• Quickly asks to talk or chat on an outside email or messaging service
  • Claims to be from United States but is currently traveling, living or working abroad
  • Asks you for money
  • Vanishes mysteriously from the site, then reappears under a different name
  • Talks about "destiny" or "fate" 
  • Claims to be recently widowed
  • Asks for your address under the guise of sending flowers or gifts
  • Makes an inordinate amount of grammar and/or spelling errors
  • Sends you emails containing strange links to third-party websites

When taking the jump to meet offline, I offer these tips and tricks:

  • Do a Google and Facebook search first
  • Share everything you know about this person with at least one close friend
  • Plan to meet at a public, well-lit place. Share where you are going with a friend.
  • Have an exit strategy. When making plans, say that you have another event at 8 p.m. If the date is going well, say that you’ve decided you don’t want to leave yet! Also, the “I have a family emergency” excuse will always work.

We end our program with a big shift away from the scary stuff: Photos. I spend a bit of time talking about the “medium shot”: a photo that gives a good sense of a person’s body, while also being relatively close on the face. We talk about having at least one “hobby” picture that shows an interest (hiking, knitting, traveling, etc.) as well as having a minimum of three pictures. Finally, we end our event with a makeshift photobooth to take attendees’ profile pictures! All we did was use a camera we had in house, snapped a few pictures in nice lighting, and then emailed them to the individual patrons the following day.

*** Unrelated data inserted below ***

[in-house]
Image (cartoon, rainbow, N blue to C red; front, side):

Set the tone early on. Patrons are going to come in nervous and giggly as all get-out. If you create a safe space where patrons are encouraged to ask any sort of question, and treat the subject of online dating with lightness and humor, it will help remove some of the initial awkwardness.

People value discretion when attending an event like this. We’ve hosted the class two times now and haven’t taken registration. I have a hunch taking names and contact information would turn people off. My colleagues have stories of patrons coming to the Welcome Desk to ask for directions and, instead of asking where the class is out loud, will write it down on a piece of paper. After my formal presentation, I always mention that I’m going to hang around and take any other questions that people may have. Folks will always come up and ask any questions they may have not felt comfortable asking in front of the group.

Of course, I have to end by sharing a story. A few months ago, a patron asked one my colleagues at the Welcome Desk if she could speak with me. I went down, and we had this conversation: “Mallory, I’m not sure if you remember me, but I attended your online dating class a few months ago. I went home, created a profile, and well ... this is Jack.” Nothing could have made me happier.


Supporting Materials

Slideshow Images